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Bark & Vine Blooms Into One Year Anniversary

Abiba Biao | August 2nd, 2022

Bark & Vine Blooms Into One Year Anniversary

Culture & Community  |  Economic Development  |  Arts & Culture  |  Ninth Square  |  Youth Arts Journalism Initiative

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Top: Bark & Vine. Abiba Biao Photo. Bottom: Saldi and the Bark & Vine Fam. Contributed Photo. 

A  monstera plant spread its leaves toward the midday sun. Music from Model Decoy coasted over the street. People browsed the selection of handmade jewelry from The8thElementt and other street vendors as plants took center stage.

Orange Street welcomed both plants and people Saturday, as Bark & Vine rang in its first anniversary at the corner of Orange and Crown Streets in New Haven’s Ninth Square neighborhood.  While owners Ralph Saldi and his husband Luis Galindo first opened their doors in February 2021, they postponed an anniversary celebration until July to celebrate with everyone under the warm summer sun. 

“We’ve always wanted to be more than just a plant store,” Saldi said during brief remarks outside on Orange Street. “The biggest question we asked ourselves was how can we bring— see I’m getting emotional,” he said, pausing to wipe a tear from his eye. 

“How can we bring back communities and families after what we experienced in 2020?”

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Friends and roommates Audrey Steinkamp and Michelle Tong. Abiba Biao Photo.

In a little over a year, the store has become a magnet for biophiles, who often find themselves weaving through its crowded, green-studded floor plan to find the plant, pot, or green-thumbed accoutrement that is right for them. Saturday,  the store’s 20 percent sale on houseplants came at the perfect time for New Havener Audrey Steinkamp, who needed  to restock on plants after several died while she was on a trip. An office assistant in prints and drawings at the Yale University Art Gallery, she advised new plant parents to stay away from succulents.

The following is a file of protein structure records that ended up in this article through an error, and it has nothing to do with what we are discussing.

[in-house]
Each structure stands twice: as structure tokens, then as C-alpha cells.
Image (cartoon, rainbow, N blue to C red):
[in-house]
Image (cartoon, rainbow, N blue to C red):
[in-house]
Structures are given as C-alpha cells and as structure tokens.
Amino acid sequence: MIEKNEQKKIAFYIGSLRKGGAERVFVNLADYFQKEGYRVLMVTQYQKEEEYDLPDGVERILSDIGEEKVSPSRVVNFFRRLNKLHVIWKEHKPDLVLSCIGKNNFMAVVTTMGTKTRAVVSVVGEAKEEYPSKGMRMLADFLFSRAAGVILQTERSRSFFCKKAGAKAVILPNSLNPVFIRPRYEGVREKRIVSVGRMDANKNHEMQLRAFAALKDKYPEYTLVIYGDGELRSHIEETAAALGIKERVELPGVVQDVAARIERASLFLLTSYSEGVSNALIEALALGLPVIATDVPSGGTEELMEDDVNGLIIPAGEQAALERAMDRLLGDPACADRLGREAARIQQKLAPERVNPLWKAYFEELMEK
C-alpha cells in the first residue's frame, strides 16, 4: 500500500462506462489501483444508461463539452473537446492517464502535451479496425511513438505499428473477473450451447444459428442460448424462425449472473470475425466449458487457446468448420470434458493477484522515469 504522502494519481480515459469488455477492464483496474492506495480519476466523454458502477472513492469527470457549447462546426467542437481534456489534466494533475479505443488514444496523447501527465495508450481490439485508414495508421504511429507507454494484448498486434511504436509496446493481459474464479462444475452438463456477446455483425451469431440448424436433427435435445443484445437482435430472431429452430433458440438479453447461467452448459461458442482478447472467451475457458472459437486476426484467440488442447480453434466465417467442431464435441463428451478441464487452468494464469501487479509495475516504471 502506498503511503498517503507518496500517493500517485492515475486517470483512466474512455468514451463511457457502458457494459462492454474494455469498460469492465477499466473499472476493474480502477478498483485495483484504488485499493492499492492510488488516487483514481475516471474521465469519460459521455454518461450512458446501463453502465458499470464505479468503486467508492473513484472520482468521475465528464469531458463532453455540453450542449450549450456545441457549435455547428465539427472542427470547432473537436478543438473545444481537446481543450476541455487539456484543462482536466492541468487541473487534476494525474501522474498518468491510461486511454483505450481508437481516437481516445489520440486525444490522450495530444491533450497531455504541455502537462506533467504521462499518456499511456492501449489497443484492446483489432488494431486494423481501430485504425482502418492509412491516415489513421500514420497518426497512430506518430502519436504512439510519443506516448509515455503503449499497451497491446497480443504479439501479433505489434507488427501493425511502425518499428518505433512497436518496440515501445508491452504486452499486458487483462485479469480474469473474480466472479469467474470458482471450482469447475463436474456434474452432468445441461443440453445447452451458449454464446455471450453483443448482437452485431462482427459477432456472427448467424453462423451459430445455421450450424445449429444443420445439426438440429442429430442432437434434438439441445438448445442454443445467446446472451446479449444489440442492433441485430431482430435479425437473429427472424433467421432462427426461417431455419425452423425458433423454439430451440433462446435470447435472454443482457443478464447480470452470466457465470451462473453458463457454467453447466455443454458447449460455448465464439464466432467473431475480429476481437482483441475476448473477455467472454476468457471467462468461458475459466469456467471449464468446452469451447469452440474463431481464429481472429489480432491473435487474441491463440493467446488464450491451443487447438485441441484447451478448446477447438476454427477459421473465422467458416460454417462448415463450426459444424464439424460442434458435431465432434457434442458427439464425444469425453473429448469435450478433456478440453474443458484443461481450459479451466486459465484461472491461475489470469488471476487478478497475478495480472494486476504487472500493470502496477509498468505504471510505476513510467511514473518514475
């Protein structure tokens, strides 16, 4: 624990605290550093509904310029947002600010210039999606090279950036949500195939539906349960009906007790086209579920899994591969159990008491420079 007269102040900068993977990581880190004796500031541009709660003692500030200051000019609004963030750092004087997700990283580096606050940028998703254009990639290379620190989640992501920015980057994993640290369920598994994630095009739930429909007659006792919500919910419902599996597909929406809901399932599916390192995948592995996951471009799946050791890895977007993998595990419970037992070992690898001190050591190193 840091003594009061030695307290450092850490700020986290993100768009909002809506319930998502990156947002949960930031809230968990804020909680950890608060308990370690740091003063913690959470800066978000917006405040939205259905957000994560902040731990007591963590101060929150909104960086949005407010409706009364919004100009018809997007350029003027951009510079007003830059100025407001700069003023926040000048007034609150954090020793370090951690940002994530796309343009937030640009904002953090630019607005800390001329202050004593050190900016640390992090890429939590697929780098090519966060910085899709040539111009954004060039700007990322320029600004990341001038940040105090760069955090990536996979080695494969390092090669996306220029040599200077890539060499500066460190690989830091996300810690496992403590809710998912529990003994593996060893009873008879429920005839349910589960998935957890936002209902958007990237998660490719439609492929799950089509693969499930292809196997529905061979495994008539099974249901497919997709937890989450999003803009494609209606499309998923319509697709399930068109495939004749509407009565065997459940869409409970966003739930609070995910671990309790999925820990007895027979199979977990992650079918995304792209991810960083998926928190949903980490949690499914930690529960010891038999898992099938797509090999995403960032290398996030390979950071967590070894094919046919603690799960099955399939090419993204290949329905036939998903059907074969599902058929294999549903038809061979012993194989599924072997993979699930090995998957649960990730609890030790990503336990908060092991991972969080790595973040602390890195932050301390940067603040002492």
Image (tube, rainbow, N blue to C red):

Her roommate Michelle Tong was also on the hunt for houseplants. While Tong works for the landscape architects Reed Hilderbrand, she said that it’s “a different set of skills than houseplants.” Tong’s favorite plant is the nerve plant or Fittonia because of its dramatic nature. Tong uses its behavior as a guide to care for her other plants. 

“When it needs water it just absolutely faints and it's like my signal plant for watering all my other plants, which is great, because then I have a visual cue of ‘alright it’s time to feed them,’” she said.

Steinkamp, on the other hand, prefers the neon yellow Pothos or lemon-lime philodendron because of their luscious bright green. “I think it adds a lot of like fun color and my favorite color is yellow,” she said.  Tong recommended Pathos as beginner plants.

BarkVineAnniv3Cody Adams and Annette Edwards. Abiba Biao Photo.

Attendee Cody Adams got into gardening through his mother. After caring for a peace lily, he started to dive into it more during quarantine. He’s now trying to pass on his green thumb onto Annette Edwards and add to his collection of over 100 plants.

Adams said that people shouldn’t strive for perfection when planting, and should learn from their mistakes. “If you kill a plant don’t worry about it. Even experts kill plants so you’ll figure it out,” he said

Adams advised beginners to start off with snake plants because they “thrive off neglect” and are “hard to kill.” The most common way beginners kill snake plants is through overwatering, so he advised people to be wary of that.